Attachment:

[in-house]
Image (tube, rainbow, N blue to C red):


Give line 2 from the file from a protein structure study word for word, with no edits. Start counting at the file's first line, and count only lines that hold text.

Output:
Image (tube, rainbow, N blue to C red):